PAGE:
A worldwide collaboration working to bring forth a new scientific endeavor: gravitational wave astronomy

About the LSC

The LIGO Scientific Collaboration (LSC) is a group of scientists seeking to make the first direct detection of gravitational waves, use them to explore the fundamental physics of gravity, and develop the emerging field of gravitational wave science as a tool of astronomical discovery. The LSC works toward this goal through research on, and development of techniques for, gravitational wave detection; and the development, commissioning and exploitation of gravitational wave detectors.

Who we are

The LSC carries out the science of the LIGO Observatories, located in Hanford, Washington and Livingston, Louisiana as well as that of the GEO600 detector in Hannover, Germany. Our collaboration is organized around three general areas of research: analysis of LIGO and GEO data searching for gravitational waves from astrophysical sources, detector operations and characterization, and development of future large scale gravitational wave detectors.

Founded in 1997, the LSC is currently made up of more than 900 scientists from dozens of institutions and 16 countries worldwide. A list of the participating universities.

Join the LSC

Institutions interested in joining the LIGO Scientific Collaboration should contact the LSC Spokesperson. Prospective members must arrange an MOU with LIGO Laboratory and the LIGO Scientific Collaboration and present their proposed collaborative program at an LSC meeting. New memberships are approved by a two-thirds majority vote of the LSC Council.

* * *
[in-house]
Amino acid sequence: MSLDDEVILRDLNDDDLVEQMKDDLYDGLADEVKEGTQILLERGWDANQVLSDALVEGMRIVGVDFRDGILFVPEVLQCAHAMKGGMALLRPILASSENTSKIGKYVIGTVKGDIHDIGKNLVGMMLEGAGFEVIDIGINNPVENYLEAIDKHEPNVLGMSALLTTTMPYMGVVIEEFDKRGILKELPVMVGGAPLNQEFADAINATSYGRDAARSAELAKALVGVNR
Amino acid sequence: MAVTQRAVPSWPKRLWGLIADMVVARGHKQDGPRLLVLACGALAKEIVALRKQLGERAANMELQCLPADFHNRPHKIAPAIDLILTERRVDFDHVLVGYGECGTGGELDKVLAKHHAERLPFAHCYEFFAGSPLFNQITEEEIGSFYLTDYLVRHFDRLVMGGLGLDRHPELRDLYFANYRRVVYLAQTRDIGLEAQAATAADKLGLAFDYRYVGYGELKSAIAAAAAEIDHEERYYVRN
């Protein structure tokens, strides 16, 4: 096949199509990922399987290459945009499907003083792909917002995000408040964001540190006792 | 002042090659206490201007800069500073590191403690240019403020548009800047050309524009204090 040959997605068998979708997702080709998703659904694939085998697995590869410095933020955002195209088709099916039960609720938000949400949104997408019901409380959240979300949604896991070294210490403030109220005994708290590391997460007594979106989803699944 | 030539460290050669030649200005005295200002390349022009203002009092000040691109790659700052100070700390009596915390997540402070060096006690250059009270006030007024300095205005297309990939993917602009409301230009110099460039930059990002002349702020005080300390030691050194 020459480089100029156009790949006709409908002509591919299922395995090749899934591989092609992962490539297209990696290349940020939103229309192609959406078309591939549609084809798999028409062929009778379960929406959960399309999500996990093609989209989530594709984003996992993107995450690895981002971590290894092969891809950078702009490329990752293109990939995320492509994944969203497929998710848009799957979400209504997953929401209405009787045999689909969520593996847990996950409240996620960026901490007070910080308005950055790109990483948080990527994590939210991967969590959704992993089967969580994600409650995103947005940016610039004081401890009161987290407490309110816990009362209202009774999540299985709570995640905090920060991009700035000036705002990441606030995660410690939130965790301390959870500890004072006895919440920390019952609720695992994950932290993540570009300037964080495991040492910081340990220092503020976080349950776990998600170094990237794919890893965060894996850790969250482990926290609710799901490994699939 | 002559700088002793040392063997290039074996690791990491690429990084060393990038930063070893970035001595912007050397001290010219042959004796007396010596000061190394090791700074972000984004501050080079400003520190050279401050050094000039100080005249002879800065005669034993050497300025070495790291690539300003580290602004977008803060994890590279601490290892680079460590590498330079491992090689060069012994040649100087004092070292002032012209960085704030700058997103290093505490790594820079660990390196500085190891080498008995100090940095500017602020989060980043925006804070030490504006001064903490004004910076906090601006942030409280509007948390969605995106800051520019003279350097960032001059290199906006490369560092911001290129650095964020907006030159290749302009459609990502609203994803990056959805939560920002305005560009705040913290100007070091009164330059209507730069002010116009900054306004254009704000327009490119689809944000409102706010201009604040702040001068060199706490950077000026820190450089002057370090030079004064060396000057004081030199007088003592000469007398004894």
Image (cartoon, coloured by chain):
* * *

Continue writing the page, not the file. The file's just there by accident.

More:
New members, please check The LSC Beginner's Guide for helpful information on first steps after joining the Collaboration.

LSC Commitment to Diversity

As members of the LIGO Scientific Collaboration, we recognize the importance of diversity to enrich our research and scholarship. We pledge to provide a welcoming, inclusive environment to talented individuals regardless of characteristics such as, but not limited to, physical ability, race, ethnicity, gender, sexual orientation, economic status, or personal religious practices, and to support the professional growth of all collaboration members.

We also pledge to work to increase the numbers of women and under-represented minorities that actively participate in the LSC, to pursue recruitment, mentoring, retention and promotion of women and under-represented minority scientists and engineers and to maximize their contribution to excellence in our research. As a collaboration, we will strive to create a professional climate that encourages inclusion and that respects and values diversity.

The LIGO Observatory

The Laser Interferometer Gravitational-Wave Observatory (LIGO) consists of two widely separated installations within the United States — one in Hanford Washington and the other in Livingston, Louisiana — operated in unison as a single observatory. LIGO is operated by the LIGO Laboratory, a consortium of the California Institute of Technology (Caltech) and the Massachusetts Institute of Technology (MIT). Funded by the National Science Foundation, LIGO is an international resource for both physics and astrophysics.

LIGO Astrowatchers

LSC graduate students Matthew West, Evan Goetz, Philip Roberts, and Pinkesh Patel at the LIGO Hanford Observatory. Image Credit: Evan Goetz